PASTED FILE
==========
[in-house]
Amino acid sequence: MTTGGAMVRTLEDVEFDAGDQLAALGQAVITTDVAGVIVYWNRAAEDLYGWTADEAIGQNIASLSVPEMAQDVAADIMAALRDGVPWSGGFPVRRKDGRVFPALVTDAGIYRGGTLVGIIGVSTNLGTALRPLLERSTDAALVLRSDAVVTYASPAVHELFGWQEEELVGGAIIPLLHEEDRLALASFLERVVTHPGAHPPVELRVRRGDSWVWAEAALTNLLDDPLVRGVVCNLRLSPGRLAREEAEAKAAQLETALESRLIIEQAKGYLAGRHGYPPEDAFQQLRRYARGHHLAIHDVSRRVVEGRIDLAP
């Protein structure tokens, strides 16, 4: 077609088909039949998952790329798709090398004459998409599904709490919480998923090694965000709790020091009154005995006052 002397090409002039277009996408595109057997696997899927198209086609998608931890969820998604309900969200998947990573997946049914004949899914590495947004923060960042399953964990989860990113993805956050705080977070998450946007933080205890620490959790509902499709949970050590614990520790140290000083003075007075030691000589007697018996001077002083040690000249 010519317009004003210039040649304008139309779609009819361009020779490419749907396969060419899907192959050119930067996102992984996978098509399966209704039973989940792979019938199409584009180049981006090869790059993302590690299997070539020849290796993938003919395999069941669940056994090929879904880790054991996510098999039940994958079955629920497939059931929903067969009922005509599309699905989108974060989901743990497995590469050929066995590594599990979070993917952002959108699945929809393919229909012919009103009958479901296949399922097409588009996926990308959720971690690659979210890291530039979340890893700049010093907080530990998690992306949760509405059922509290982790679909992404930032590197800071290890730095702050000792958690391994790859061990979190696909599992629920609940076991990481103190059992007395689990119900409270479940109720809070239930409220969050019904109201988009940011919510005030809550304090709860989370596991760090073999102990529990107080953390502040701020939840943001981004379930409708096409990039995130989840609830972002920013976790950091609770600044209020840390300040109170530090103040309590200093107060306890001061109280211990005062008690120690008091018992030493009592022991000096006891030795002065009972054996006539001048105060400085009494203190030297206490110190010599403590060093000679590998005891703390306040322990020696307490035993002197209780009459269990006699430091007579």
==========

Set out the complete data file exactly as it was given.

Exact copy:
[in-house]
Amino acid sequence: MTTGGAMVRTLEDVEFDAGDQLAALGQAVITTDVAGVIVYWNRAAEDLYGWTADEAIGQNIASLSVPEMAQDVAADIMAALRDGVPWSGGFPVRRKDGRVFPALVTDAGIYRGGTLVGIIGVSTNLGTALRPLLERSTDAALVLRSDAVVTYASPAVHELFGWQEEELVGGAIIPLLHEEDRLALASFLERVVTHPGAHPPVELRVRRGDSWVWAEAALTNLLDDPLVRGVVCNLRLSPGRLAREEAEAKAAQLETALESRLIIEQAKGYLAGRHGYPPEDAFQQLRRYARGHHLAIHDVSRRVVEGRIDLAP
């Protein structure tokens, strides 16, 4: 077609088909039949998952790329798709090398004459998409599904709490919480998923090694965000709790020091009154005995006052 002397090409002039277009996408595109057997696997899927198209086609998608931890969820998604309900969200998947990573997946049914004949899914590495947004923060960042399953964990989860990113993805956050705080977070998450946007933080205890620490959790509902499709949970050590614990520790140290000083003075007075030691000589007697018996001077002083040690000249 010519317009004003210039040649304008139309779609009819361009020779490419749907396969060419899907192959050119930067996102992984996978098509399966209704039973989940792979019938199409584009180049981006090869790059993302590690299997070539020849290796993938003919395999069941669940056994090929879904880790054991996510098999039940994958079955629920497939059931929903067969009922005509599309699905989108974060989901743990497995590469050929066995590594599990979070993917952002959108699945929809393919229909012919009103009958479901296949399922097409588009996926990308959720971690690659979210890291530039979340890893700049010093907080530990998690992306949760509405059922509290982790679909992404930032590197800071290890730095702050000792958690391994790859061990979190696909599992629920609940076991990481103190059992007395689990119900409270479940109720809070239930409220969050019904109201988009940011919510005030809550304090709860989370596991760090073999102990529990107080953390502040701020939840943001981004379930409708096409990039995130989840609830972002920013976790950091609770600044209020840390300040109170530090103040309590200093107060306890001061109280211990005062008690120690008091018992030493009592022991000096006891030795002065009972054996006539001048105060400085009494203190030297206490110190010599403590060093000679590998005891703390306040322990020696307490035993002197209780009459269990006699430091007579």